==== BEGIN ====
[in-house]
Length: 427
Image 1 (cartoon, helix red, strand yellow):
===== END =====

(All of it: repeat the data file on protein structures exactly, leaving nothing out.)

[in-house]
Length: 427
Image 1 (cartoon, helix red, strand yellow):